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Guardianship for Minors

There are a few types of guardianships under Florida Statutes, which includes a type of guardianship for developmentally disabled children. Most people typically associate legal guardianships with caring for an adult who has lost capacity through some type of misfortune (car accident, motorcycle accident) or through a disease process (Alzheimer's and  dementia).  However, there are common instances in which a minor, those under age 18, will need a guardianship proceeding commenced on their behalf by their own parents (or others). These are called a guardianship for minors.

The key factor determining the need for natural parents to establish a guardianship for minors is the distinction between how the law divides the roles of a guardian between “guardian of the person” versus “guardian of the property”.  Simply put, the ability to manage personal decisions (guardian of the person) and manage financial decisions (guardian of the property) are treated differently in the law, sometimes for adults, but always for minors.

Obviously, a parent (the “natural guardian”) already possesses all the rights associated with being the “guardian of the person” of a minor, such as healthcare decisions, school choice and residency or domicile.   However, parents are sometimes surprised to learn they do not have the same natural right to be “guardian of the property”.

Guardianships for minors can roughly/unofficially be divided into two categories:

  1. Inheritance of over $15,000 -when a minor is a beneficiary of an estate, trust, life insurance policy or other benefit, and the amount also exceeds $15,000, a guardianship for minors would need to be established to receive and manage the benefit.  This may happen by less than ideal estate planning (in general, it’s not a good plan to name an minor as a beneficiary), or in cases where a pre-deceased parent is the beneficiary and the minor receives the share the pre-deceased parent was to receive.  while the law does not do set this out explicity, if a minor ever inherits money over $15,000, a guardianship must be set up to allow the guardian of the property to control these funds.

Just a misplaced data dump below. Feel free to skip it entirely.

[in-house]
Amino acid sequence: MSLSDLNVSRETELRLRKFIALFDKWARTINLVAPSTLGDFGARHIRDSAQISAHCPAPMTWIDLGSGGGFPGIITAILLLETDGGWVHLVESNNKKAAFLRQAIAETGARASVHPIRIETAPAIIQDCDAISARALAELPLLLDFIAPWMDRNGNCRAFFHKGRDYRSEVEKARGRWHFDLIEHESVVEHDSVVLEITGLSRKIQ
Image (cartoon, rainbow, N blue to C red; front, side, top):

2. Settlement for a Minor Child - For instance, suppose your child was unfortunately the victim of an accident that thereafter leads to a personal injury lawsuit. When, and if, there is a net settlement or judgment which exceeds $15,000, or any amount awarded in a wrongful death case, a guardianship for a minor must be commenced to receive the proceeds (F.S. 744.301(2)).  The settlement process for a minor child can be confusing.

Regardless of where funds come through (i.e, either an inheritance or a settlement), the guardian must petition the court to become appointed to legally act on the minor's behalf.  Once appointed, the guardian for minor can receive the property in question, and the guardian is thereafter required to file an annual guardianship with the court which includes an annual accounting until the minor reaches the age of majority.  When the minor reaches age 18, any funds held in the guardianship are released as the minor now has the capacity to manage his or affairs.

Importantly, the court views any type of money held under the guardianship to belong to the minor, and the court can be very protective of these funds. A parent is not able to spend the guardianship funds freely as the parent still have their own duty to support their minor child. The funds are expected to substantially be available to the minor when he or she reaches age eighteen (18). There are plenty of jokes that the guardian parents wanted to benefit the minor by buying a pool for the house (hey, kids like pools) or cars for the parents to drive the children around in, but courts generally do not like this. It is frequent that a minor's assets are actually invested and placed into a court restricted account, meaning that the guardianship funds cannot only be spent/released upon petition to the court.  This will prevent a parent, as guardian of the property, from spending the guardian's funds improperly.

If your child had a developmental disablity (such as autism, spina bifida, Down syndrome), you may be able to use the Guardian Advocate statute to help your child when he or she reaches age 18.

If you need assistance with an inheritance to a minor child or some type of settlement to assist your minor child, please do not hesitate to reach out to our office.